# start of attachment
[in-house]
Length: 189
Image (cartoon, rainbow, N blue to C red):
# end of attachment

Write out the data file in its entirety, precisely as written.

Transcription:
[in-house]
Length: 189
Image (cartoon, rainbow, N blue to C red):